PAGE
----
Thursday, January 23, 2014
Dancing My Way Back To Living
Will I dance for You, Jesus, or in awe of You be still?
Will I stand in Your presence, or to my knees will I fall?
Will I shout hallelujah? Will I be able to speak at all?
I can only imagine. I can only imagine.
Bart Millard (performed by Mercy Me)
I've always loved dancing.
Maybe not dancing so much as moving to music. From the time I was small I liked to dance with no reason.
Dancing always felt like celebration. It was a celebration of life, of being able to move and hear the music and feel it in my bones. I'm pretty sure that heaven is full of that kind of celebratory dancing where you just cannot be still because you feel so good.
Despite my strong Southern Baptist (which we of a certain age or older all know means dancing is a sin, nevermind that they did it in the Bible) upbringing, I grew up dancing. Whether it was square dancing at school, flatfooting with a local band, clubbing on my own (I never managed to pair up with a dancer), a few rounds of belly dancing classes, or dancing around the living room with or without a toddler on my hip, I've never stopped dancing.
It's not always about celebration any more, but sometimes it's about sanity. When I'm silently counting out the steps to a dance choreography, there isn't room for much else in my head. When I manage to remember the steps, it brings a spontaneous smile. If I think of Ethan during class, I have to push the thoughts away or lose my place. There's no time for grief or worry or planning or anything else but keeping time and moving.
I can't remember now when I first started Zumba, although I know it was my friend's enthusiasm and the fact that she had opened a studio of her own that got me going. Nowadays a week without one or two classes is a hard week to get through.
The women who lead my classes and my classmates at Move2Melt, many of whom I don't even know by name, are a different kind of support group. They're a warm smile and how are you and sometimes a hug. They were faces far from home that showed up, along with a few members of my church and two of my doggy family, at Ethan's funeral. During the last month they have repeatedly blown me away with their love and caring and made me feel far less isolated than my circumstances force me to be on a day to day basis.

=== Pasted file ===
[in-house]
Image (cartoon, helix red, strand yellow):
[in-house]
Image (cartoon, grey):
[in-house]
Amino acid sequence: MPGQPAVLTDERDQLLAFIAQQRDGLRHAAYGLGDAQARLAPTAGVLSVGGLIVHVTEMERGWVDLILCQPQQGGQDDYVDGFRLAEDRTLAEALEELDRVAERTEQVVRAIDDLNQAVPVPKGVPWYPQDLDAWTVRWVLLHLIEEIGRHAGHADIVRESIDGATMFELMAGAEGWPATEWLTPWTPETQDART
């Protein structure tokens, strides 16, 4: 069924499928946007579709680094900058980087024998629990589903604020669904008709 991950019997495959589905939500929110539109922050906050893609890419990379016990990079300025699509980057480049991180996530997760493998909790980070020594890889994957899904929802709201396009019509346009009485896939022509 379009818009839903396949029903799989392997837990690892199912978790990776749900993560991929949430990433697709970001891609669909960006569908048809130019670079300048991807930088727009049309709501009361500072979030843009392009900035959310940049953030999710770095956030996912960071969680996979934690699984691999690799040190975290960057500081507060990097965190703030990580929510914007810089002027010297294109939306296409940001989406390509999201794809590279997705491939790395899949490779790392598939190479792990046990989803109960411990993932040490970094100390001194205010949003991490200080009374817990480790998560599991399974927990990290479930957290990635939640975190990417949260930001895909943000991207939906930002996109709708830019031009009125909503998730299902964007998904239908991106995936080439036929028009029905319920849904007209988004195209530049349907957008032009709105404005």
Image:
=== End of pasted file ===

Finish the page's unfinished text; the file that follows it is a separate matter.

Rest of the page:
Every chance I get, they're also a mental and physical escape from my house where the walls threaten to close in completely and from my mind where, left untended, my thoughts wander to dangerous ground.
The day after Ethan was found dead, I went to a Zumba class. I couldn't stand sitting at home feeling like I was turning into a shell of myself. At least there, part of the time, I could concentrate on where to put my feet instead of what had happened to my son. It was a thin lifeline, but it helped pull me through. As soon as the holiday hiatus was over, I was back for the first class and have been going to classes two days a week since as my schedule and the weather allow.
And although it isn't always about celebration any more, sometimes it still is.
Sometimes I'm celebrating being able to get out of the house and move when so much conspires to keep me weighted down by a blanket of grief. Sometimes I'm celebrating that even though I was never an athlete, I keep up with the high intensity moves of an hour long dance class, often after a 45-minute PiYo class. Sometimes I'm celebrating that dancing still feels good, whether I get the steps right or not.
Right now dancing is a lot like life for me.
I have to keep moving, even if I get the steps wrong.